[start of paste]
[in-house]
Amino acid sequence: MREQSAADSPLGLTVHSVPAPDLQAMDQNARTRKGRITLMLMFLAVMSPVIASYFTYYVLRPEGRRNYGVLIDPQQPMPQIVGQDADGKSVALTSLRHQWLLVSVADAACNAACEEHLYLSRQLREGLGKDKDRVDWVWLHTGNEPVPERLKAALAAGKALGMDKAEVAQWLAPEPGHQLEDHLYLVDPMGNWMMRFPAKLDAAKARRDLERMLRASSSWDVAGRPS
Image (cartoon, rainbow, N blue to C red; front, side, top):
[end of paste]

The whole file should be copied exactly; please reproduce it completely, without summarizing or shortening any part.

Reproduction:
[in-house]
Amino acid sequence: MREQSAADSPLGLTVHSVPAPDLQAMDQNARTRKGRITLMLMFLAVMSPVIASYFTYYVLRPEGRRNYGVLIDPQQPMPQIVGQDADGKSVALTSLRHQWLLVSVADAACNAACEEHLYLSRQLREGLGKDKDRVDWVWLHTGNEPVPERLKAALAAGKALGMDKAEVAQWLAPEPGHQLEDHLYLVDPMGNWMMRFPAKLDAAKARRDLERMLRASSSWDVAGRPS
Image (cartoon, rainbow, N blue to C red; front, side, top):